Initially, I had the detectives keep the fact that the wives had been murdered from the men, wanting them to come to the police station on their own, so the detectives could use the men's ignorance (or possibly their knowledge, if either or both were the murderer) against them.  But, as I got to this point in my revising, I realized it made no sense at all, to me, to have things happen this way.  Not only did it feel unrealistic, it also felt out of character.  That meant going back and tweaking the lead-up to the detectives confronting the men, and having Detective Ames tell them their wives have been killed, and it also means I need to completely rework the interrogation scene.  These men will be distraught, they won't be ignorant of what has happened, the dynamic will be a 180 degree shift.  That's exciting, because I know this will be far better than the original scene, but it is also daunting because it means I am back to square one with the pivotal scene, and it's been nice having a solid framework to play off of, as I write this second draft.  Not that I'm complaining, it's just a bit more of that heavy lifting.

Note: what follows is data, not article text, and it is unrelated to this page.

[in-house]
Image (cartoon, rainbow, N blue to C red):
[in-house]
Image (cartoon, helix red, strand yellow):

And, though I'm loathe to utilize this cliche (it's true):  when you're writing, you have to be willing to kill your darlings. 

Sunday, May 12, 2019

WHAT IT IS -- week ending 5.12.2019

Two weeks have passed since I offered up one of these week-ending roundups.  I'm not happy about missing the past two weekends, but I'm not going to beat myself up too much.  I was still working on my writing through revising the novel and/or reading.  So, without further ado, let's see what's what.


Avengers: Endgame

Caught Endgame last week and really enjoyed it.  Be aware, SPOILERS MAY FOLLOW.  

I can't say it was a great film--cards on the table, I've found most of the Marvel films I've watched enjoyable, if forgettable.  Read that as a criticism if you want, but I'm more than happy to be entertained for a couple hours by the MCU without needing to ruminate on it after I walk out of the theater.  This was a similar experience, a good way to spend three hours with my youngest son.